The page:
Tenkai is a prearranged and choreographed, from 25 to 30 seconds long “fight”, in which five persons (wakiyaku) will attack a single central “hero” fighter (shuyaku).

In tenkai both creativity and three-dimensionality are best brought to the stage. The group will design the fight together, which only adds to the team spirit. The timing of the techniques is crucial for the entire fight, and thus merit careful desing an lots of practice. Tenkai thus gives one the opportunity to fully employ the large technique and movement repertoire in taido and also to utilize moves rarely seen in a normal match.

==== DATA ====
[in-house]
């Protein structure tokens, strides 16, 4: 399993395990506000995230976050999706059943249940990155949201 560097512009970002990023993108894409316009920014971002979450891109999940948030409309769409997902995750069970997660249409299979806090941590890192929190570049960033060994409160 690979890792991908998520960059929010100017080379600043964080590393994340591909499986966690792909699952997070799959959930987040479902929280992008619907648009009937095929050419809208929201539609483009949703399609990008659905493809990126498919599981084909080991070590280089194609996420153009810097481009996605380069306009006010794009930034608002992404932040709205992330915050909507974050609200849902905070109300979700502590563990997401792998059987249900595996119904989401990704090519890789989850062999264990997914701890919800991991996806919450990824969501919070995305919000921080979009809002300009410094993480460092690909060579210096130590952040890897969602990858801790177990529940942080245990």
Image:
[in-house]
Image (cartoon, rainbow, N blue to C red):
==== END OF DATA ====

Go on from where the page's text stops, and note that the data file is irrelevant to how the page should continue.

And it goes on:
The developer of taido created these team sports to supplement the single ones, since he wanted to emphasize interactivity and sociability amongst the practitioners.

The criteria for points in tenkai include i.a. moving, usage of distance and space, three dimensionality in both offence and defence, the difficulty of the technicues and the realism and feasibility of the attacks. The central “hero’s” (shuyaku) performance will also be graded with regards to the moves used to finish the tenkai and five attackers. Altogether five judges will be evaluating the activities of the contestants. Furthermore, the main judge will observe the central man and the performance as a whole. The central man must win all the five attackers each at a time. Should the total time either exceed or fall short of the parameters, points will be deducted.